If you find yourself in Cluj-Napoca, known more recently as the capital of Romanian cinematography, you can admire the houses in Baroque style or take a stroll down the large boulevards where you can enjoy a coffee at the one of the cafes found here. Being the University centre with the largest density of students in Romania, Cluj-Napoca will offer you a truly vibrant nightlife.

Central Eastern Transylvania

Also known also as the Székely Land (the Mureş, Covasna and Harghita counties) this region stands out not only through its remarkable picturesque natural scenery but especially through its special cultural potential, a result of a long coexistence between the Romanians and Szeklers. You will very often hear the Hungarian language, and the differences of culture can be spotted in the architectural style and the traditional costumes.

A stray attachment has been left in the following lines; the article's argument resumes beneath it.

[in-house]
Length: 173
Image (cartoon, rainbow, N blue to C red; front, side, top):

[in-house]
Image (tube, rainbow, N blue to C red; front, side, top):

In this region you can buy fresh bread or szekeller sweet bread (Kürtőskalács) made by locals right outside their house or you can enjoy a walk nearby the volcanic lake St Anne (one of a kind in Romania) or relax in Băile Tuşnad Resort. Don't miss the Sovata or Salina Praid spa resorts. In Târgu Mureş you can take a stroll through the centre and admire the Cultural Palace built in the Art Nouveau Style or visit the medieval citadel.

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Transylvania will fascinate you not only with its natural setting and remarkable history, but also with its particular culinary tradition.

The diversity of the culinary scene is due to the multiculturalism of this region, each ethnic community living here bringing their own contribution with their specific dishes.

Whether they are of Saxon, Hungarian or Romanian origin, the people here know how to prepare a good meal! You’ll really get to know Transylvania once you discover its cuisine, which is similar to that of Banat or Crişana.